Unquestionably the beheading of Nick Berg was a heinous act. However, it is not enough to focus only on the gruesomeness of Berg’s execution and those who carried out the heinous act. There is namely the question of what Berg was doing in Iraq? As the Guardian notes, this story has yet to “fully emerge.” (1)
Berg is described as a “friendly guy,” an “oddity,” a pro-war believer in the occupation of Iraq. (2)
So why was Berg in Iraq? Andy Duke, a US businessman in Iraq, told the Guardian, “He was here for the very simple reason that for a telecoms guy this was a golden age. In the month he was here I would estimate he made $70,000.”
Yet the violence meted out to Berg stands in antipodal contradiction to the relative benignity shown American Thomas Hamill by his captors. (3) Which was the isolated case? In the case of Berg, his executioners are self-professedly linked to an alleged Jordanian associate of al Qaeda, Abu Musab al-Zarqawi. If this is indeed true then do Iraqis bear more responsibility for a renegade foreign group than Americans would bear for a group of Canadians run amuck south of their border?
Ostensibly the timing was most propitious for US authorities reeling from the news of sadomasochistic humiliation, torture, rape, and killing in the occupation torture centers. Not only is it apparent that these egregious acts are not “isolated” at Abu Ghraib, but they are institutionalized (4) in other Iraqi camps (5), in Afghan detention centers, (6) and at Guantánamo Bay and elsewhere. (7) It is concomitant with historical US warfare. (8) As elected US representatives look aghast at the latest horrific pictures to come out of Iraq, the never-justified occupation was wilting, faced by a people who only want the occupiers to leave forthwith. Then suddenly the American public’s attention is diverted elsewhere.
BJ Sabri, an Iraqi-American writer who “abhors such macabre violence” muses on whether this could have been staged to implicate others. He asks, “If someone wants to avenge ... especially in the Middle East, all Arabs and Muslims have a code of conduct that came from Babylon: an eye for an eye and a tooth for a tooth. Then why did those guys decapitate Berg instead of performing abuses similar to those of the Americans?”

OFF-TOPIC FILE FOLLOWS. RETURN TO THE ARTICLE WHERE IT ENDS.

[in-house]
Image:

“No one ever heard of this group ... that was the first and the last so far ... and they never said what they wanted after the killing?”
He concludes, “There is a great chance that this was a very well planned act.”
Nonetheless, Sabri explores the execution as an entity in itself.
“From the viewpoint of killing, why is killing by decapitation worse than killing by bullets or bombs? The French executed by this method until 1972. The Saudis still do it. The Americans did it in Vietnam, including the severing of testicles.”
“About sensitivities, when the US dropped its daisy cutter bombs on the al-Amariyah shelter the entire shelter population of 1500 plus went into a million pieces and their remains and body parts are splattered all over the walls that visitors can see up until now.”
The decapitation repulses Americans because they can see it. The Iraqi casualties are not discussed. In fact they are covered up. The corporate media is complicit in censoring the pornography of war. (9) Yet when the pornography of war serves the desired ends of warmongers different rules come into play.
Says Sabri, “This incident must be investigated before judgment can fly. It testifies to extreme callous cruelty, but killing tens-of-thousands of people and destroying the future of the remaining population, for imperialist reasons, is even more cruel.”
The outpouring of grief for one slain American stands in stark testimony to Americans’ insouciance to myriad Iraqi deaths. Surely, morality does not sublimate the untoward fate that befell a man reportedly motivated by cupidity to the catastrophe of a nation.
A Chilean journalist in Iraq said of Berg: “It was just an adventure for him. He told me: ‘I had bad luck. Shit happens.’ He was a tough guy.” [italics added] (10)
War is an unbounded force that submits to no one.
Kim Petersen is a writer living in Nova Scotia, Canada. He can be reached at: firstname.lastname@example.org.
1) Suzanne Goldenberg
and Luke Harding, “Shock
in suburbs at restless son's death: Neighbours mourn grisly end of
friendly fortune seeker,” Guardian, 13 May 2004
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